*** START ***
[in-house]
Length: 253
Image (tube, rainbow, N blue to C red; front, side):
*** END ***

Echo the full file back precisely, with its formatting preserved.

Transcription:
[in-house]
Length: 253
Image (tube, rainbow, N blue to C red; front, side):